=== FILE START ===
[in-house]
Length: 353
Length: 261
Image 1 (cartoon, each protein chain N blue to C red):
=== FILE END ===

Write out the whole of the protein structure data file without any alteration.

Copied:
[in-house]
Length: 353
Length: 261
Image 1 (cartoon, each protein chain N blue to C red):